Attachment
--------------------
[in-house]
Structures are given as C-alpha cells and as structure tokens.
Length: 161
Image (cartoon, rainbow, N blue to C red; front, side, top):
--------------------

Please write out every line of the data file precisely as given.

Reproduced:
[in-house]
Structures are given as C-alpha cells and as structure tokens.
Length: 161
Image (cartoon, rainbow, N blue to C red; front, side, top):